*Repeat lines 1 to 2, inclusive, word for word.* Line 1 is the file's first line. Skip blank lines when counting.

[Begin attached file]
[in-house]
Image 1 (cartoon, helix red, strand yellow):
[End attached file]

[in-house]
Image 1 (cartoon, helix red, strand yellow):